In October 1831 Amiot was named parish priest of Saint-Cyprien at Napierville. He was not free of trouble there, either. Napierville was by then a hive of political activity. In 1834 Amiot denounced from the pulpit the political intrigues of Dr Cyrille-Hector-Octave Côté, member of the House of Assembly for L’Acadie, who was a doctrinaire liberal and a Patriote leader in the region. Côté was organizing public meetings after mass, haranguing parishioners from the steps of the church, and inciting them to open opposition to the government. To the political confrontation with Côté was added increasing insubordination by farmers, who were protesting against tithes and seigneurial dues. Amiot was deeply worried and felt obliged to cling to a stubborn, almost blind loyalty to the authorities which was to separate him more and more from his parishioners. In this attitude he had much in common with his colleagues in the Montreal region, who implicitly followed their superiors’ directions and ardently defended the established order.
Early in the autumn of 1837, a rebellious mood was developing in the parish, and Amiot did not hesitate to attack the Patriotes, who were organizing stormy meetings and anti-government demonstrations. When, on 24 October, Bishop Jean-Jacques Lartigue issued a pastoral letter condemning the Patriote leaders, he took an even firmer attitude. He not only read the letter from the pulpit with determination and conviction, but also spoke with unmistakable clarity about the sacred nature of the union of church and state. This definite stand marked him as one of the supporters of the British government, who were naturally suspect and the obvious target of public condemnation. Some of his parishioners reacted swiftly, organizing a political charivari against him during which they broke into the “Marseillaise,” uttered threats, and threw a few stones at the presbytery windows. In 1838 the Patriotes even illegally held Amiot prisoner in his presbytery.
After the collapse of the rebellion, calm was soon restored. Amiot led a tranquil life and limited himself to carrying on his ministry zealously and assiduously. This state of affairs did not, however, last long. In November 1842 the bishop of Montreal, Ignace Bourget*, accused him of being “in open revolt” against him because he had refused assignment to another parish charge better suited to his strength. Bourget found himself obliged, therefore, to strip him of his priestly powers. It was probably this action that prompted Amiot, who had recently received a large bequest from his father, to set out late in the year on a voyage to St Peter’s in Rome and the Holy Land. He kept a diary, describing his various journeys in vivid and emotional terms. He was, indeed, a pilgrim, strengthening his faith in these fervently Christian settings. He also took advantage of the trip to travel about in Europe. But an unexpected illness forced him to stop at Vienna, where he died on 10 Oct. 1845.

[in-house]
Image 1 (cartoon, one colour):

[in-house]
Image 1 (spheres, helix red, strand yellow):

ANQ-Q, CE1-1, 25 déc. 1793. Arch. de l’évêché de Nicolet (Nicolet, Qué.), Cartable Saint-François-du-Lac, I. Arch. du diocèse de Saint-Jean-de-Québec (Longueuil, Qué.), 13A/71–116. ASQ, C 38: 229, 243, 260, 281, 294; Lettres, P, 22, 29; Séminaire, 9, no.33; 123, nos.15–18; 128, no.7; 130, no.217. PAC, MG 8, F74; RG 4, B37, 1: 98. L’Ami du peuple, de l’ordre et des lois, 2 sept. 1835. Caron, “Inv. de la corr. de Mgr Panet,” ANQ Rapport, 1933–34: 312; 1935–36: 189, 198, 200; “Inv. de la corr. de Mgr Plessis,” ANQ Rapport, 1932–33: 121, 134, 150–51, 153. Desrosiers, “Inv. de la corr. de Mgr Bourget,” ANQ Rapport, 1948–49: 384. T.-M. Charland, Histoire des Abénakis d’Odanak (1675–1937) (Montréal, 1964), 188–95; Histoire de Saint-François-du-Lac (Ottawa, 1942), 224–33. P.-G. Roy, “La famille de Jean Amyot,” BRH, 25 (1919): 225–34.
North America, North America -- Canada, North America -- Canada -- Quebec, North America -- Canada -- Quebec -- Montréal/Outaouais, North America -- Canada -- Quebec -- Québec, North America -- Canada -- Quebec -- Trois-Rivières/Eastern Townships